With the new year and no car, we’re back in the swing of doing proper meal planning again. While this sounds totally boring it has plenty of advantages. Principally, fewer trips to the shops means you spend less money. However, added bonuses are that I no longer hit 3pm and start to panic about the toddler’s dinner, I don’t have to rely on being able to get to the shops at a particular time and I make better use of both my cookbooks and bookmarked recipes.
Pork recipes are always popular on Eating Adelaide (if you missed Colin’s roast pork in a fry pan you should check it out!) and we all love pork so we tend to eat it once a week. It’s no surprise then that I would eventually get around to cooking this sesame crusted pork, which first appeared in Good Taste magazine many moons ago. As usual, I departed from the recipe …
Begin by taking your favourite Singapore/Hokkien egg noodles and prepping them. We use the ‘fresh’ packet ones (that you find in the refrigerated section of the supermarket), so I put them in a bowl and covered them with hot water.
I used pork fillet (or tenderloin) which I cut into three pieces. I pressed each piece into some sesame seeds, so just the one side had them on and then fried them, sesame side down, in a hot, oven proof fry pan. I could have left them a little longer: my sesame seeds have just the hint of tan, when really a bit more golden would have both tasted and looked better.
While the pork is cooking (after it’s browned up, pop it into an oven heated to 180°C to finish), heat some oil in a wok and add a finely sliced red onion, along with garlic, ginger and chilli to taste. Once the onion has softened, add one carrot, peeled and julienned, followed by the drained noodles and stir fry for a couple of minutes before adding 2 tbsp soy sauce and 2 tbsp of oyster sauce*. Make sure you cut your carrot finely – you want it to soften a little while still retaining some bite and texture. If you wish, mix the remainder of your sesame seeds through the stir fry (or, if you can be bothered/have time, lightly toast some!).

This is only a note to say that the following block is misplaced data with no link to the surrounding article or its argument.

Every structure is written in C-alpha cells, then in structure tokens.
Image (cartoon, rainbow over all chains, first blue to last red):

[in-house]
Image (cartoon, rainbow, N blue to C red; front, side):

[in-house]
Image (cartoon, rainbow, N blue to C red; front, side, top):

Roughly chop a generous handful of coriander and stir this through noodles, before serving in hot bowls. Slice the pork fillet on the diagonal and serve on top of the noodles, with a garnish of extra coriander.
Using chunks of pork fillet adds to the cooking time, so if you’re in a rush, use a different cut, such as loin steaks, or even finely slice the meat and stir fry it with the sesame seeds before doing the noodles. We really rated the use of the sesame seeds though – both on the meat and in the stir fry. Definitely something we’ll do again.
The noodles were OK. They needed beefing up with the chilli and garlic (neither of which was specified in the original recipe) but they were very quick and easy to do and would serve as a great base for a more flavour rich protein component.
So while we rated both pork and noodles individually, together they were both just a touch too bland. Bland feels like too harsh a word, because it almost makes the meal sound unenjoyable – which it definitely wasn’t. I guess that in this case I’d say the sum of the parts was actually greater than the whole.
* I always imagined oyster sauce to be ‘oyster flavoured’ but most oyster sauces contain either oyster or fish (or both) and hence are not suitable for vegetarians. If you are catering for vegetarians/vegans then make sure you source some which is vegetarian.